The Delhi Sultans were absolute monarchs and possessed unlimited powers. The Sultan’s main duty was to maintain law and order in his empire. The Sultan carried on the work of administration with the help of his advisors and ruled according to the Quranic law or the Shariyat. But many of the Sultans disregarded the Shariyat in practice. There were the ulemas who acted as advisors to the rulers but Sultans like Alla-ud-din khilji and Firoz Tughlak did not give them much importance. These Sultans actually ruled with the power of the military. The wazir (prime minister), the naik (viceroy), the qazi (chief judge), mir bakshi (paymaster) and the ariz-i-mamalik (commander-in-chief), besides the amirs and the maliks, were the important advisors of the Sultan.
The empire was divided into many provinces or Parganas which were further divided into villages. The village administration was managed by a muquaddam or a village headman. This office was generally hereditary. The munsif managed the accounts of the village while the patwari kept the local records.
The chief source of income was the land revenue which varied from time to time. Each sultan fixed his own percentage of land revenue. For instance, Alla-ud-din raised it to 50 per cent while Firoz Tughlak reduced it. The other taxes were the jazia, the kharaj, the zakat and the kham. Justice was administered by a qazi, but the highest court of appeal was the king himself and the “decisions of the qazi were upset by him when there was sufficient ground to do so”.
The Iqta System:
The kingdom was divided into a number of tracts known as iqtas. These tracts were given to officers who were called iqtadars. This was like the feudal system prevalent in India before the advent of the Muslims. The land was granted to these officers in lieu of salary. The iqtadars paid a fixed revenue to the Sultans. A part of the revenue was kept by the iqtadars for their personal use and for maintaining soldiers for the Sultan. The amount paid to the king was fixed and the account was recorded. The iqtadars were also responsible for the maintenance of law and order in their territories. Firoz Tughlak made the iqta system hereditary.
Agriculture was the main occupation of the people. It was the peasants who paid the land revenue to the Sultans. Many Sultans like Firoz Tughlak did a lot for the betterment of agriculture. He got many canals dug for irrigation purposes. Loans were given to farmers to improve agriculture.
Besides agriculture, other industries were also encouraged. Karkhanas or workshops were set up in towns where metal work and other works of technical nature were undertaken. Traders formed their guilds to develop industries. According to the Moorish traveller, Ibn Batuta, Delhi became very prosperous during the period.
Both external and internal trade flourished. Delhi became a great trading centre. Goods like silk, cotton, grains, ivory, etc., flowed from other parts of the kingdom into Delhi. The Gujarati merchants traded with central Asia. The sea-ports of Cambay, Surat and Broach were important centres of trade.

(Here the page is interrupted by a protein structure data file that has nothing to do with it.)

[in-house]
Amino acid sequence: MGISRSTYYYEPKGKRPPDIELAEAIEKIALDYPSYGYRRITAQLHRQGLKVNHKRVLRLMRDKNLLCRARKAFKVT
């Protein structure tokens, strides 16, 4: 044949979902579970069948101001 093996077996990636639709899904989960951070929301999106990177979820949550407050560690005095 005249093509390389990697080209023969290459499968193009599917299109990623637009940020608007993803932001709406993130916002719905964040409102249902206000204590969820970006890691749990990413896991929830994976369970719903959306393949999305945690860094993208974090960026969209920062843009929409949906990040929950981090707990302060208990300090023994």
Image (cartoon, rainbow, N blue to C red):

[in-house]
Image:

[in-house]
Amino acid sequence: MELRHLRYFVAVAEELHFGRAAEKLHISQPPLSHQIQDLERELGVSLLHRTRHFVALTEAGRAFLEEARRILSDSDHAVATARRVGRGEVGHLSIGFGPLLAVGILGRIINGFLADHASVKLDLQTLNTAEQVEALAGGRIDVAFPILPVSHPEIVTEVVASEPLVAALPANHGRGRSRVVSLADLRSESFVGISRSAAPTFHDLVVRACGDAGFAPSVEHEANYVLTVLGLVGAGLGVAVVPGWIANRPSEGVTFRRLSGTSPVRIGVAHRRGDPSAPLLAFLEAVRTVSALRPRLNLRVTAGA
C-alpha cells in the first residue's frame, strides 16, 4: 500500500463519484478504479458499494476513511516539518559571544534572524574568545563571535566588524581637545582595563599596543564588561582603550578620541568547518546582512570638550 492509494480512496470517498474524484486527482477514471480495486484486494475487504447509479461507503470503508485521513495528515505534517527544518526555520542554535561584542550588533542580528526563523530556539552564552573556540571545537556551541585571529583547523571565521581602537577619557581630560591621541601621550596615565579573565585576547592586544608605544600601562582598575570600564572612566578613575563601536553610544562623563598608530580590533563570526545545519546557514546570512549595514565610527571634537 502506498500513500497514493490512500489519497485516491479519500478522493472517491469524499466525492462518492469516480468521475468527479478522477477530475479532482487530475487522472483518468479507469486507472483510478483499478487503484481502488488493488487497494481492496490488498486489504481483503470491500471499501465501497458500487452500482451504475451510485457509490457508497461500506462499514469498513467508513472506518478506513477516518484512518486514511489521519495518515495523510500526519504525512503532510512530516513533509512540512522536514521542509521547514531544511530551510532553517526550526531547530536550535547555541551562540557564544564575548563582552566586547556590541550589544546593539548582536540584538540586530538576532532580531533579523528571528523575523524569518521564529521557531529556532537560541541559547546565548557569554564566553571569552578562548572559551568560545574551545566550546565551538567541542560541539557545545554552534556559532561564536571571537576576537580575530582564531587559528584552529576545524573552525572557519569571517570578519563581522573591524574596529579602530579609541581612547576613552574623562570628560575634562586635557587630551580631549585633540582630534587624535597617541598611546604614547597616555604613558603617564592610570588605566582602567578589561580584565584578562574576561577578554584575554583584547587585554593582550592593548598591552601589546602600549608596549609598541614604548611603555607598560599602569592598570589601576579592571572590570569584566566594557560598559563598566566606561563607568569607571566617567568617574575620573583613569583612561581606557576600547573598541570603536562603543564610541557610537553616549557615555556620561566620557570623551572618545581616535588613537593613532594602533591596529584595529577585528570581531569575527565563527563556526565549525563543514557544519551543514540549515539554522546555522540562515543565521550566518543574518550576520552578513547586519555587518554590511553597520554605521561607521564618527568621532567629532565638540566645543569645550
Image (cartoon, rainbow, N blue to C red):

India also had trade relations with the south-east Asian countries. The Sultans also minted beautiful coins for the promotion of trade.
Initially the Hindus and the Muslims were hostile to each other. But with the passage of time, both came closer to each other and as a result, there was a change in their outlook. Besides, the religious reformers of both Hindus and Muslims brought them closer to each other. Both the Sufis and the Bhakti reformers discarded religious fanaticism and preached love and devotion to one God.
Ancient universities like those of Nalanda, Vikramshila and Benaras had been destroyed by the invaders but pathshalas still existed. The Sultans were generous in their patronage to education. Many madarsas had been established which were financed by the state. But these emphasised on religious teaching in particular. Vocational training was of course, hereditary.
The court language of this period was Persian. Arabic too was commonly used by those who came from the west. Persian poetry and prose greatly progressed under the Sultans. Some of the Sultans themselves were learned scholars. Amongst the poets, Amir Khusro, Amir Hassan Dehlani and Badaruddin deserve special mention. Amir Khusro was a great follower of Sheikh Nizam-ud-din Aulia, and sang song in his praise. He is also referred to as Tut-i-Hind or the parrot of India.
Works on historical literature too were written during this period which is a very valuable source of information for students of history. Among the noted works is Tabagat-i-Nasiri of Minhas Siraj, Tarikh-i-Alai of Amir Khusro and Tarikh-i-Firoz by Zia-ud-din Barani.
Although the Delhi Sultans were Muslims and patronized Persian, they did not completely ignore Sanskrit. In fact, many great works of Sanskrit were written during this period such as Jaideva’s Gita Govind and Kalhan’s Rajtarangini. Ramanuja the Bhakti reformer wrote a commentary on the Sutras. Firoz Tughlak himself got many Sanskrit books translated into Persian, the chief among them being Dalayal-i-Firoz Shah.
Regional languages such as Gujarati, Marathi, Kannada and Tamil also grew in importance and fine literature was produced in these languages. This period also saw the rise of Urdu, a language which is widely spoken even today.